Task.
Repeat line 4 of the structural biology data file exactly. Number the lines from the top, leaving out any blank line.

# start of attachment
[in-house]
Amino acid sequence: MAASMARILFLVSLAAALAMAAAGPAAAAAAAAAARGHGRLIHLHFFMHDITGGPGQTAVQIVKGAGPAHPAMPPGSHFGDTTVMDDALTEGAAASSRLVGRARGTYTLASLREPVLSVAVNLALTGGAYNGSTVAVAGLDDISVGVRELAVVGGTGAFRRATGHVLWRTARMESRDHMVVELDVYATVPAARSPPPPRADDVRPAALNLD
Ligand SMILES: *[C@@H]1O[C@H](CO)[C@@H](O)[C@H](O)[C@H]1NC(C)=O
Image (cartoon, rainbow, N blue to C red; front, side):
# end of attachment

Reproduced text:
Image (cartoon, rainbow, N blue to C red; front, side):